It was pointed out to me by my advisor and partner that the reason we got second and not first is my behavior.  I am an intelligent, straightforward human being, and I tend to be more agressive and blunt than most females.  This is offputting to the guys on my own team, and to many guys in my life in general.  Take this down south, and it doesn’t go so well.  Especially when the other teams expected my tall, muscular male marine partner with the booming voice to be telling me what to do, even though it was his first conference.  (For the record, he never once tried to tell me what to do, and I hope I didn’t order him around either.  Vince is pretty much the portrait of a gentleman, and I think our partnership worked really well.)
Reflecting on these ponderings and the discussions with my lovely UNA mentor and our advisor, the accent is actually kind of an advantage.  As my partner mentioned to me today, he will miss the sweet smiles of the southern ladies, as opposed to the hostile and frigid demeanor of their northern counterparts (his words, not mine.)  The female delegates I went up against were formidable.  Many had done more research than I, and several had more experience.  They wanted awards just as much, maybe more.  And yet, they never came across as masculine, dominating or terribly negative at all.  Perhaps the over-emphasis of the accent is just another one of their tools, one that allows them to be aggressive like I am, without losing any votes in the final tally.  In the end, the first place pair had one partner who was dead weight, and another who never controlled the room like I did, but neither of those two ladies pissed anyone off.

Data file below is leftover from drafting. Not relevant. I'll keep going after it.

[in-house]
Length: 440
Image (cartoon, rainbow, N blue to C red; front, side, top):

Originally posted Thursday, March 19, 2009 at 12:56 PM